Democrat Katie Hobbs was sworn in as Arizona’s governor on Monday, in the first of two inaugural events this week. A third related event is raising eyebrows, a ball which is funded by special interests, including lobbyists, companies that do business with the state, developers, and builders. Hobbs refuses to disclose how much they are contributing.
Michele Swinick of the Save my Freedom Movement told The Arizona Sun Times she believes it is inappropriate for Hobbs not to disclose the amounts contributed by special interests. “The public has a right to know who is putting the most money into bribing their taxpayer-funded government,” she said. “This is a continuing pattern Hobbs has so it’s not a surprise that she would start out her very first fraudulent day of office with this move protecting her friends. She hid herself from the Arizona Voters during her campaign and now she’s showing you, yet again, how she operates. At least you can give her credit for one thing, she’s been consistent.”
On Hobbs’ campaign website, she vowed to “bring more transparency” to the governor’s office, “because the people deserve to know what their leaders are doing with their money.” Hobbs promised to make her administration “the most ethical and accountable” in history.
However, Hobbs refused to let reporters attend the inauguration, except for an AP photographer.
Progressive Arizona Republic columnist Laurie Roberts criticized Hobbs’ first day for its lack of transparency. “[I]n her first official act, she decided to take the public’s business private. Not a great start,” she tweeted.
Arizona's 24th governor, Katie Hobbs, assumed power at 10 a.m. on Monday and in her first official act, she decided to take the public’s business private. Not a great start. https://t.co/DBHYraYBNF via @azcentral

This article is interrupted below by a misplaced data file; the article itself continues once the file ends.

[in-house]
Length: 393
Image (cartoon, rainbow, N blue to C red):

— Laurie Roberts (@LaurieRoberts) January 2, 2023
Roberts wrote an entire article attacking the secrecy, stating Hobbs was “hiding from reporters.”
Hobbs’ inaugural committee includes at least six current and former lobbyists and 21 campaign donors who contributed over $100,000 to her campaign, according to the blog Stop Katie Hobbs. The sponsors included many progressive groups, including Human Rights Campaign, Environmental Defense Fund Action, Arizona Palestine Network, AEA Fund for Public Education, Stand for Children, progressive law firms, consulting firms, and several unions. Hensley Beverage, the liquor company controlled by Cindy McCain, was a sponsor.
Hobbs’ secrecy is in contrast to the previous three governors, according to Capitol Media’s Howard Fischer. He said they disclosed the amounts from donors to inaugural and related events.
Hobbs’ transition team includes at least 15 current and former lobbyists, former Maricopa County Supervisor Andy Kunasek, a Republican, former Maricopa County Supervisor Mary Rose Wilcox, current Maricopa County Supervisor Steve Gallardo, as well as campaign donors like Mesa’s Republican Mayor John Giles.
While being sworn in, Hobbs “was unable to take the oath of office this morning without stammering and laughing through it,” political consultant Brian Anderson observed on Twitter. She repeatedly burst out laughing when asked to repeat her support and defense of the Constitution.
— Brian Anderson (@AZBrianAnderson) January 2, 2023
Hobbs hinted during two interviews that she anticipates a poor relationship with the Republican-dominated state legislature. She said during an interview with Fox 10 Phoenix’s Steve Nielsen that any legislation she views as “political stunts” will not be tolerated. She declared that “the veto pen is a powerful negotiating tool.” During an interview with KTAR’s Barry Markson, she reiterated that “the veto pen is a powerful negotiating tool and I won’t hesitate to use it.”
Hobbs told Axios she intends to push ahead with her agenda through executive orders to bypass the legislature.
Kari Lake is still disputing the results of the gubernatorial election declaring Hobbs the winner instead of her. She asked the Arizona Supreme Court to hear her appeal of a trial court judge’s decision dismissing her election contest. In 1916, a similar dispute over the gubernatorial election broke out, involving allegations of voter fraud, and months after the incumbent Democrat governor was inaugurated, the Arizona Supreme Court ordered him out of office and replaced him with the Republican candidate.
The inauguration was streamed from Hobbs’ Facebook page. The second inauguration, a ceremonial event, takes place on Thursday at 10 a.m. and will be livestreamed. The ball will take place at Talking Stick Resort.
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